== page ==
My prime complaint here lies once again with the control surfaces. On the nine o'clock spoke of the steering wheel, a blue R button will immediately switch the car to Race mode. Which is fine — race mode is fun — except when trying to set a cruise control speed with the SET button immediately above. Conversely, on the three o'clock spoke is the button turning on the heated steering wheel. Convenient, but a bit too easy to press if hustling through the curves with hands at three and nine. My palms were sweaty already — knees weak too, but I cook my own spaghetti — and making my hands even hotter wasn't necessary.

But these are minor things when considering the immense joy I get from driving the Golf R. I can overlook these issues as my grin widens. I've found myself focusing on the steering wheel controls wherever possible, and relying on an automatic HVAC setting that will give a comfortable enough temperature no matter the outside climate. It's that good. The Golf R leaves you believing it can anticipate the road ahead, and the quick reactions and sure traction make each corner a genuine thrill.

2022 Golf R Verdict

When you're considering the Golf R, there is likely a single competitor that comes to mind: the Honda Civic Type R. Indeed, the coming four-seat super hatch likely will match up nicely on paper, on both the spec sheet and the bottom line selling price. But as this VW has moved into the above-$40k price bracket, there are a number of performance cars of various flavors that bear consideration. Cars such as the latest Nissan Z, Chevrolet Camaro, and Ford Mustang can all be had (depending on the trim level) for roughly the same price, and can all make similar speed as this Veedub.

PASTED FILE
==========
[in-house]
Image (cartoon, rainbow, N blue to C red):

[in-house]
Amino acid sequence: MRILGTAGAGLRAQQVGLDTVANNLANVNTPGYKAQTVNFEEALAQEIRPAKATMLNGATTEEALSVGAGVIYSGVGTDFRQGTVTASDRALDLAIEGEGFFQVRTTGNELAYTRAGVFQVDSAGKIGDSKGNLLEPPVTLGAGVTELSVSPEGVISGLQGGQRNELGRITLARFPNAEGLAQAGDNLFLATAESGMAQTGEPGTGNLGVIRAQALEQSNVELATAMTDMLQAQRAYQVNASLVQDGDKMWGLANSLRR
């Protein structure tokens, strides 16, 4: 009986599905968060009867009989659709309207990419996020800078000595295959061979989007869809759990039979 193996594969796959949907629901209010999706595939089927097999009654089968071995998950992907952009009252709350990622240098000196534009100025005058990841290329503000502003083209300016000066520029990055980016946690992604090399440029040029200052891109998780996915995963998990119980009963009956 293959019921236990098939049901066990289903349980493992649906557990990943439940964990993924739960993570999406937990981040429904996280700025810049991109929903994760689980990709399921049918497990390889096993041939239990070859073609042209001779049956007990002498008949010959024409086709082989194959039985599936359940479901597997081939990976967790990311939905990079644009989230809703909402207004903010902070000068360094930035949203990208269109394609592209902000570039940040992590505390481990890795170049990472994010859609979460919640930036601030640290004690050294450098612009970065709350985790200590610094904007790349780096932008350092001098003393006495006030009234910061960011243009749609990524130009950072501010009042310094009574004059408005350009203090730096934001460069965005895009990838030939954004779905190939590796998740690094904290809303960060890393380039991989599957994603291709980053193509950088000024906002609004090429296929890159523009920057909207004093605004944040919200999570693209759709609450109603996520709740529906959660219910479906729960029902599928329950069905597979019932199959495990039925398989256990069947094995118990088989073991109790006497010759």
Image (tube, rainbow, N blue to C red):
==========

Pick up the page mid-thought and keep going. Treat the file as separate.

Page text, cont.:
To be perfectly honest, I'm trying to picture telling myself twenty years ago that a Volkswagen Golf would be priced similarly to pony cars and other sports cars – and perform quite similarly on instrumented tests. The affordable performance car market has been whittled down to a select few models, all of which are marvelous choices.

While there are a few annoying flaws in the interior of the 2022 Volkswagen Golf R, I do believe that a compelling case can be made for this hot hatch. The surefooted all-wheel drive and resulting heroic performance on unpredictable roads yield a rewarding drive, while it's docile enough whilst commuting that you forget about the Mr. Hyde side that comes out as you turn onto Big Pine Road.